We don’t see as many ZigBee hacks as we’d expect, but they’ve definitely got a solid niche in home automation because of commercial offerings like Philips Hue and Wink. And of course, there’s the XBee line of wireless communications modules. We just wrote up a ZigBee hack that aims to work with the Hue system, though, so maybe times are changing? Posted in Wireless Hacks Tagged hack, home automation, sniffer, zigbee

For some folks, tea is a simple pleasure – boil water, steep tea, enjoy. There are those for whom tea is a sacred ritual, though, and the precise temperature control they demand requires only the finest electricity towers health risks in water heating technology. And then there are those who take things even further by making a PID-controlled electric tea kettle an IoT device with Amazon Echo integration.

Nothing worth doing isn’t worth overdoing, and [luma] scores points 1 unit electricity cost in andhra pradesh for that. Extra points too for prototyping an early iteration of his design on a RadioShack Electronics Learning Lab – the one with a manual written by Forrest Mims. [luma] started out using an Arduino with a Zigbee shield but realized the resulting circuit would have to live in an external enclosure. Switching to an ESP8266, the whole package – including optoisolators, relays, and a small wall-wart – is small enough to fit inside the kettle’s base. The end result is an MQTT device that publishes its status to his SmartThings home automation system, and now responds when he tells Alexa it’s time for tea.

The Philips Hue range is a great way to add wirelessly controllable lighting to your home, but the protocol is proprietary which makes it difficult to add our own custom hardware. [Peter] found a way to create his own Hue compatible devices based on cheap JN5168 modules that are able to connect to the Hue bridge. This means you can roll out your own lamps using cheap RGB or White LEDs, a power supply and the JN5168 Zigbee Light Link module.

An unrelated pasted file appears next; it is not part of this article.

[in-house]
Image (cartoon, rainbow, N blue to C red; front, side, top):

He started off by trying to clone a Zigbee Light Link device to a MeshBee — Seeed studio’s open source Zigbee Pro module based on the NXP JN5168. Even though the MeshBee used the same s gashi device as a Hue lamp, it would not connect to the Hue bridge. But another clone lamp called Innr that he purchased from the local hardware store did connect quite easily. Using NXP’s open source tools, he was able to download the flash and EEPROM contents from the Innr and copy them to the MeshBee which did the trick.

After the EEPROM transfer trick, he figured out how to modify the two keys used for the ZigBee gas in dogs causes protocol — one for Home Automation and the other for the Light Link. With this final discovery he is able to take the ZigBee Light Link demo project, edit it using Beyond Studio, and then load the binaries on the MeshBee device so it can connect to the Hue bridge.

All of this work culminates in two custom firmware binaries; one for white dimmable lights and another for RGB dimmable ones. It even runs on these cheap JN5168 breakout kits he found for a few bucks. With all of the software taken care of, and having cheap ZigBee Light Link compatible modules on hand, building low cost Hue compatible lights becomes pretty straight forward.